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Phylogeography of the Common Vole Microtus arvalis, the Obscurus Form (Rodentia, Arvicolinae): New Data on the Mitochondrial DNA Variability

Abstract

Genetic diversity of the common vole Microtus arvalis Pall., 1778 of the obscurus form was examined by analyzing the variability of two markers, the cytochrome b gene (1143 bp) and the fragment of the mitochondrial DNA control region (800 bp). One hundred forty-five individuals were captured at 39 locations from the Crimean Peninsula in the west to northern Altai in the east. On the basis of the analysis of the cytochrome b gene sequences, all M. arvalis individuals of the obscurus form from the regions under consideration were assigned to the previously identified Sino-Russian clade, distributed in the main part of the range of the obscurus form. On the basis of concatenated sequences of the two mtDNA markers, the internal structure of the Sino-Russian clade was established and two subclades, Crimean and Eurasian, were identified. In the Eurasian subclade, related haplotypes form several geographically localized groups (Vyatka–Ural, Volga–Ural, Southern Ural, Southern Cis-Urals 1, and Southern Cis-Urals 2). The groups are connected with each other through a widespread set of poorly differentiated haplotypes found from the Cis-Urals to Western Siberia. Two haplotypes from the North Altai and northern foothills of the Altai Mountains are included in the Eurasian subclade. However, these haplotypes are separated from each other and from haplotypes of other groups by distances comparable with the intergroup distance for this subclade. Demographic analysis enables the conclusion that the history of the Sino-Russian clade of M. arvalis of the form obscurus has regional specificity. Haplotypes found in seven locations on the Crimean Peninsula are most likely the result of a single expansion event, whereas for the Eurasian subclade, several successive waves of expansion can be proposed.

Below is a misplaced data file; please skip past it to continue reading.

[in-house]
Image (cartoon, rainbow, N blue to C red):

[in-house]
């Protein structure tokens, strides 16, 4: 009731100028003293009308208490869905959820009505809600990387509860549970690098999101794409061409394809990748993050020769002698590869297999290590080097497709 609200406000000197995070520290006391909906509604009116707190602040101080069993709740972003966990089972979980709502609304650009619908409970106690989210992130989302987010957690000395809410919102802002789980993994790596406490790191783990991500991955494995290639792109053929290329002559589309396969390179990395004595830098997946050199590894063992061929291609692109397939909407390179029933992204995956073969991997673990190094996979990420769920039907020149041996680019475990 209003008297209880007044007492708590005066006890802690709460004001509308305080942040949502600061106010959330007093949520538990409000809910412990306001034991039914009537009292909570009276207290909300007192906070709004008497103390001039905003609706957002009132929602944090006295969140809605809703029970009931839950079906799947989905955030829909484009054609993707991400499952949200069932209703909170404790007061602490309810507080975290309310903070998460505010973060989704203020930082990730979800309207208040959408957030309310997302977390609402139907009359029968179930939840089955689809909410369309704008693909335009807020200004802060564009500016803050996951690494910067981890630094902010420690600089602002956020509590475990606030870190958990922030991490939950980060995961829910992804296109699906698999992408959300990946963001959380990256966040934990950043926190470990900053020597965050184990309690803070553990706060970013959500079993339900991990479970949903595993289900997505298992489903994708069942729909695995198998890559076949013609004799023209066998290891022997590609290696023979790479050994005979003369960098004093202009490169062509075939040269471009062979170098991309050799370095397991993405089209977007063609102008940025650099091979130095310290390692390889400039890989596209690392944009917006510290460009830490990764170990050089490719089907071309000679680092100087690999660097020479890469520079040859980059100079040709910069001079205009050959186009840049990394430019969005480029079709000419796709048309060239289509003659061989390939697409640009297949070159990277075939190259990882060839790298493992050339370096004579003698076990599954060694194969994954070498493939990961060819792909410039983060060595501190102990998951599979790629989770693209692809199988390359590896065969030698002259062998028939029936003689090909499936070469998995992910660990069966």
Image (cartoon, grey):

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ACKNOWLEDGMENTS

We thank Zoological museum of the institute of Plant and Animal Ecology, Ural Branch of Russian Academy of Sciences, Yekaterinburg and our collegs A.V. Borodin, T.V. Strukova, S.B. Rakitin, and D.A. Toporkova (Institute of Plant and Animal Ecology, Ural Branch of Russian Academy of Sciences, Yekaterinburg) for kindly providing collection specimens for the analysis and S.V. Zykov, M.A. Fominykh, L.I. Amerkhanova, E.V. Zinoviev, E.P. Izvarin, E.Yu. Zakharova, T.S. Oslina, A.O. Shkurikhin (Institute of Plant and Animal Ecology, Ural Branch of Russian Academy of Sciences, Ekaterinburg), and R.Yu. Dudko (Institute of Systematics and Ecology of Animals, Siberian Branch of Russian Academy of Sciences, Novosibirsk) for their help in organizing field studies and catching small mammals. Special thanks to the Joint Directorate of the Orenburg and Shaitan-Tau State Nature Reserves, personally to O.V. Soroka and inspectors of the Talovskaya Steppe, Aituirskaya Steppe, and Aschisay Steppe sites for assistance in organizing and carrying out small mammal catching in the Orenburg Reserve, and the Administration of the Buzuluksky Bor National Park for assistance in organizing catching on the territory of the national park. We also thank G.A. Tsaur and the staff of the Laboratory of Molecular Biology, Immunophenotyping, and Pathomorphology of the Children’s Oncology and Hematology Center, Regional Children Hospital No. 1 (Yekaterinburg) for the opportunity to use an ABI Prism 3130 genetic analyzer (Applied Biosystems, United States).

This study was supported by the Russian Foundation for Basic Research (grant no. 16-04-01486-a) and the Integrated Program of the Ural Branch of the Russian Academy of Sciences (grant no. 18-4-4-43).

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Sibiryakov, P.A., Tovpinets, N.N., Dupal, T.A. et al. Phylogeography of the Common Vole Microtus arvalis, the Obscurus Form (Rodentia, Arvicolinae): New Data on the Mitochondrial DNA Variability. Russ J Genet 54, 1185–1198 (2018). https://doi.org/10.1134/S1022795418100137

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Keywords:

  • Microtus arvalis
  • phylogeography
  • mitochondrial DNA
  • Crimea
  • Urals
  • Altai